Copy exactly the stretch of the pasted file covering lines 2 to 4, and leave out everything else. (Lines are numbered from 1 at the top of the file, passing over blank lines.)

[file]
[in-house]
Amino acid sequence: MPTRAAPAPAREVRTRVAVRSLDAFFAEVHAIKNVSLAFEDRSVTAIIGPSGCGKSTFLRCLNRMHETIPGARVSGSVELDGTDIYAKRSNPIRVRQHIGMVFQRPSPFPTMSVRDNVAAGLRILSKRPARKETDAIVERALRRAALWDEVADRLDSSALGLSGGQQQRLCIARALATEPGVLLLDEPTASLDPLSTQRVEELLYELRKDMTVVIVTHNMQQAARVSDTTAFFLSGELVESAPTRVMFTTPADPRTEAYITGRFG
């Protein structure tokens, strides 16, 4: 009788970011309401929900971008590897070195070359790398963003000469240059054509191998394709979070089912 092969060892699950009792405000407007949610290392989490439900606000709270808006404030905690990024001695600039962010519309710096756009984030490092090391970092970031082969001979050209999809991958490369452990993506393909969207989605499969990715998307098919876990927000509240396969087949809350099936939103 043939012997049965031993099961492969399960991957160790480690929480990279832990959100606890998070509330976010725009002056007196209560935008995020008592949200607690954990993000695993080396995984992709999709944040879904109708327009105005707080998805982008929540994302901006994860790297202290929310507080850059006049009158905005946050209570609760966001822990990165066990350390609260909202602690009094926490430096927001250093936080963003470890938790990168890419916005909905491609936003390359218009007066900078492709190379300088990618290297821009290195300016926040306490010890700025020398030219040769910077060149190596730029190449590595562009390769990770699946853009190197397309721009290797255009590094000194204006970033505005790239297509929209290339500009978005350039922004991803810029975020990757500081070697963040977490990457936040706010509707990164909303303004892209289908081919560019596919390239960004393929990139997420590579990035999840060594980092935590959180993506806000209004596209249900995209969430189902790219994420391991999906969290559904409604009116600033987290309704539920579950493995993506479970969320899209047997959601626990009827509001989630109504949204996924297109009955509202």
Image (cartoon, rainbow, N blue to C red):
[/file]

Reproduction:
Amino acid sequence: MPTRAAPAPAREVRTRVAVRSLDAFFAEVHAIKNVSLAFEDRSVTAIIGPSGCGKSTFLRCLNRMHETIPGARVSGSVELDGTDIYAKRSNPIRVRQHIGMVFQRPSPFPTMSVRDNVAAGLRILSKRPARKETDAIVERALRRAALWDEVADRLDSSALGLSGGQQQRLCIARALATEPGVLLLDEPTASLDPLSTQRVEELLYELRKDMTVVIVTHNMQQAARVSDTTAFFLSGELVESAPTRVMFTTPADPRTEAYITGRFG
């Protein structure tokens, strides 16, 4: 009788970011309401929900971008590897070195070359790398963003000469240059054509191998394709979070089912 092969060892699950009792405000407007949610290392989490439900606000709270808006404030905690990024001695600039962010519309710096756009984030490092090391970092970031082969001979050209999809991958490369452990993506393909969207989605499969990715998307098919876990927000509240396969087949809350099936939103 043939012997049965031993099961492969399960991957160790480690929480990279832990959100606890998070509330976010725009002056007196209560935008995020008592949200607690954990993000695993080396995984992709999709944040879904109708327009105005707080998805982008929540994302901006994860790297202290929310507080850059006049009158905005946050209570609760966001822990990165066990350390609260909202602690009094926490430096927001250093936080963003470890938790990168890419916005909905491609936003390359218009007066900078492709190379300088990618290297821009290195300016926040306490010890700025020398030219040769910077060149190596730029190449590595562009390769990770699946853009190197397309721009290797255009590094000194204006970033505005790239297509929209290339500009978005350039922004991803810029975020990757500081070697963040977490990457936040706010509707990164909303303004892209289908081919560019596919390239960004393929990139997420590579990035999840060594980092935590959180993506806000209004596209249900995209969430189902790219994420391991999906969290559904409604009116600033987290309704539920579950493995993506479970969320899209047997959601626990009827509001989630109504949204996924297109009955509202």
Image (cartoon, rainbow, N blue to C red):